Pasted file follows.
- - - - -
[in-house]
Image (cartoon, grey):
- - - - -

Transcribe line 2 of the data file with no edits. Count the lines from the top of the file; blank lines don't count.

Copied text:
Image (cartoon, grey):